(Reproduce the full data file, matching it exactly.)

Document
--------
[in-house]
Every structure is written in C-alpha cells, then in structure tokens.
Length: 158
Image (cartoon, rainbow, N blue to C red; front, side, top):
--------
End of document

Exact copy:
[in-house]
Every structure is written in C-alpha cells, then in structure tokens.
Length: 158
Image (cartoon, rainbow, N blue to C red; front, side, top):